Liquid vanities are popular for their elegance – their raised, wall-mounted frames provide a simple, almost magical confidence. To install one of these clean, powerful elements, start by clearing out your space. Bathroom can be a tight squeeze and if you do not want the whole project to be a flush, make it clear to clear and clean your space before you begin.
It will probably take two to four days to complete the project so be sure to plan accordingly and choose a time where you can install the vanity without having to use the toilet for daily use. Collect all your goods, measure to make sure your vanity flows comfortably in your space and then get started.
– Read aloud
Instruction packages can be difficult to read, but it is really important to familiarize yourself with the design of the floating vanity you have chosen to install. Each vanity will be a little different, so when you start with the instructions, you set yourself up for success.
Step 2 – Stud Notching
Start under the drywall at the studs. Use a pencil to mark the wall with the width of the vanity, with the attachment points landing on the pins. Mark the wall above the rough plumbing for a thirty-eight inch floating vanity, pull the other mark thirty-six and a half inches across the floor. Leave a place for the top of your regular 2×6 stay.
When making your marks, make sure you have reported the height of the vanity from the floor. After making the first mark, use the ruler to make a mark five and a half inches lower. Use a saw to cut one and a half inches deep at each mark. Take a chisel and clean each groove so that they are all even.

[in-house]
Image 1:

Step 3 – Brace Yourself
When you put the braces in the grooves in the wall, make sure that your braces are cut correctly. Cut a standard 2×6 stay to the length of your vanity. Use construction glue to secure the stay in place. Then use cover screws in each bolt to secure the stay.
Take a break when a plumber puts in delivery lines, then throw up the drywall and any castings you decide to use on the wall. This step takes a while, so give yourself plenty of time.
After the drywall is good to walk, you need to mark the location of the stay. To find the right place on the wall, take the thickness of the vanity from the finished height of the countertop and draw a line of the same dimension from the floor.
Step 4 – Plumbing Hole 101
Then you need to find the source of the plume and on the wall and measure to find the place you need to cut the holes in the back of your vanity. Mark the back of the vanity and use a hole saw to make the holes in the back. The easiest way to deal with this step is to remove the doors from the vanity.
Step 5 – Place the vanity
Take a handyman and some buckets to put the vanity in the right place on the wall. Place your floating vanity on wooden buckets or piles that raise it to the correct height in the correct position. Make pilot holes in the vanity in the middle of the rear rail – preferably these holes would go at each end of the vanity.
Then attach the counter to the wall with the delay screws that the operating instructions suggest using. Make sure everything is nice and even. Then add a few more pilot holes near the door compartments and elsewhere as suggested by your specific instruction manual. Use the same delay screws to tighten them.
Put the doors or drawers back and call it a day!
Now that your vanity base is securely attached to the wall, work with a plumber – or continue your DIY – by attaching the sink and faucet. You need a general knowledge of plumbing to make sure you end up with running water and no leaks.
Once you have taken a load and rested a bit, you can try to add a little personality to your newly remodeled bathroom with DIY decor candles or continue on the DIY train and add a new tub to complete the new look.